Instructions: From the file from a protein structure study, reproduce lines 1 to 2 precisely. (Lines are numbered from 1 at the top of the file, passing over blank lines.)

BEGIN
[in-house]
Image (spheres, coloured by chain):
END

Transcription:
[in-house]
Image (spheres, coloured by chain):